Wednesday, August 13, 2014


It takes a number of exposures to a star's performance, usually, before you begin to track who they are and what they do.  We remember Robin Williams from his first explosion on screen.  He was wild, he was wacky, he was a singularity.  And he held our attention from the first second, to the last. I saw him on Happy Days, and knew we were on a ride.

He started off a favorite. a squirrelly little guy with boundless energy, pin pointing our faults, our stars, our hopes, our dreams, the places where we needed some work: where hubris took over, where money bought us access to the thing we should NOT be having, where love stopped short.  We loved him. Instantly, Insanely. Incredibly.   It was a love that stuck.

His movies were wonderful, although the directors corralled him too closely, and one was dark, too dark.  Now that I think about it, that one probably mirrored his inner self.  I'm so sorry about that.

Loved that as he aged he became a triathlete, a place for all that energy.  Loved that he loved kids, that he was a dad.  Loved that he performed for the troops, didn't take himself so seriously, loved that he gave so much money away.  Loved that he turned out to be a good man, a gentle man, a man packing around a good heart.  In. Spite. Of. It. All.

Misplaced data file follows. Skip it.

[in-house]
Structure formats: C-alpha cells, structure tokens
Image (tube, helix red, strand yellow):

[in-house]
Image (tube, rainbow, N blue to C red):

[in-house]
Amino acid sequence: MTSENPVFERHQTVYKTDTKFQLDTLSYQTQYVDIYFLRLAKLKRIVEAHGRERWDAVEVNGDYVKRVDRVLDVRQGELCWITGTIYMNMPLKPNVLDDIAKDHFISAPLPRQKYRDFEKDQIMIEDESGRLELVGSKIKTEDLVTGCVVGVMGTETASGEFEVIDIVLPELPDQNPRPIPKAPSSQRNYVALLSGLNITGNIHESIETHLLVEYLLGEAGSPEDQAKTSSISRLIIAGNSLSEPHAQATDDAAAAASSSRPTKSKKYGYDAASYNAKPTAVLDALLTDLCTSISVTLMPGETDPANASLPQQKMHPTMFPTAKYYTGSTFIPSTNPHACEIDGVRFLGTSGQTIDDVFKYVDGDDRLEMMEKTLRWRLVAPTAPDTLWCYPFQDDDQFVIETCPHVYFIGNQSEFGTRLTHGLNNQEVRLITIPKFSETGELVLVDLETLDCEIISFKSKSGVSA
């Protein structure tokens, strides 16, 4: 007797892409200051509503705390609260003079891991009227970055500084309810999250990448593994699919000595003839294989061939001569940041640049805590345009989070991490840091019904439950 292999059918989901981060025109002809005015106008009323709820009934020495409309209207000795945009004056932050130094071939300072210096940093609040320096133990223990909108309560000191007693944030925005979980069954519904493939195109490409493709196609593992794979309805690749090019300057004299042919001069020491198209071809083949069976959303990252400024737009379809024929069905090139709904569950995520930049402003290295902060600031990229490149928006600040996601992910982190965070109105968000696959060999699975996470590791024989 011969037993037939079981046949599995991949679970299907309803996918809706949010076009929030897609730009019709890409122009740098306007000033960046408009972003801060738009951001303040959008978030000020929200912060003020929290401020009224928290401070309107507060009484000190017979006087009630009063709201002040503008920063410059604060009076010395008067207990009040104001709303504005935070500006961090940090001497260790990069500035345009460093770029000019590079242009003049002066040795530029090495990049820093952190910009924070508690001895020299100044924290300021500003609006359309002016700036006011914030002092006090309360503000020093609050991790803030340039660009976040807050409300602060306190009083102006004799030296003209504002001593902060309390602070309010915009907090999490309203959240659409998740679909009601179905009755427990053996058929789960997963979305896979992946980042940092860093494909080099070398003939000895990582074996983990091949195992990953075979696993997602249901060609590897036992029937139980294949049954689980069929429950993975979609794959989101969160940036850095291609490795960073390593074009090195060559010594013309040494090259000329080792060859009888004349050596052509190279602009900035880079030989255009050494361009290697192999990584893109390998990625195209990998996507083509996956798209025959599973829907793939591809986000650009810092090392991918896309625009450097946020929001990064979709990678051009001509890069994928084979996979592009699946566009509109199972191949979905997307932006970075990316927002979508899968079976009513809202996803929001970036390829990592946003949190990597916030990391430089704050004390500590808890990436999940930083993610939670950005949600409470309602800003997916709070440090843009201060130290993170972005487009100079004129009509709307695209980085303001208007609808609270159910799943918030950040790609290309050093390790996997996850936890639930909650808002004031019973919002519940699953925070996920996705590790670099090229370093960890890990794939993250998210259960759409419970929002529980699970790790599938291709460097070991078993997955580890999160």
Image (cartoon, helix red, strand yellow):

Yeah, loved that.

Watched him dazzle Dave Letterman and Jay Leno, who had no words, who did have the good sense to just shut up and let him go.  And go, he did.

So here are my lessons in his passing:   That serious mental illness can co-exist with extraordinary talent, wild genius and a good heart.  It takes all of a man to harness that energy and make it work, at least most of the time.  

My guess is this:  that his depression, black as it was, became unbearable, unmanagable, irretrievable.  He lost sight of his own goodness and his own power.  I've been sad.  We all have been sad. Sad that his life was lost too early.  Sad that he had to suffer endlessly and to pretend that he was not.  

I asked God if he caught him on the fly.  He said He did and took him home, wrapped him in a blanket of love, acceptance, and sweet peace.  Made hot cocoa and an apple pie for him, hugged him hard until the pain melted away.

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